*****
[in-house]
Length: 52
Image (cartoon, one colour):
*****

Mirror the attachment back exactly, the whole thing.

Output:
[in-house]
Length: 52
Image (cartoon, one colour):